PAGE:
Definition Of An Aristotelic Hero In Macbeth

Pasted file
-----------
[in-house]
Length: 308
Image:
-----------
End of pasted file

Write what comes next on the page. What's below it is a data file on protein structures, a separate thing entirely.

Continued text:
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Regarded as one of the greatest writers of his time, Playwright William Shakespeare used characters in his tragedies that represented an Aristotelian tragic hero. The definition of an Aristotelian tragic hero is a literary character who makes a judgment error that inevitably leads to his or her own destruction. In the play Macbeth, Macbeth portrays an Aristotelian tragic hero in many ways. He begins as a character with great stature, and many other characters approve of him. Throughout the play, Macbeth portrays his tragic flaw of vaulting ambition. Macbeth soon became a tyrant leader, and his fall became inevitable. Therefore, in Shakespeare 's play Macbeth, the main character Macbeth fits the definition of an Aristotelian tragic hero because he begins with nobility, and because of his ambition, he suffers a fall from Grace, however, he regains a small measure of nobility and self-awareness. In Shakespeare’s Macbeth, the character of Macbeth begins to fit the part of an Aristotelian tragic hero by starting as someone with high rank. He already obtained the title of Thane of Glamis and known as a war hero to many in Scotland. After the battle against Norway, King Duncan addresses Macbeth as “O valiant cousin! Worthy gentleman!” (Act I, sc ii, line 24). Later in the act, Ross also addresses Macbeth with admiration by saying “... hail, most worthy thane! For it is thine” (Act I, Scene iii, lines 107-108). Through the King and Ross speaking to Macbeth as he is
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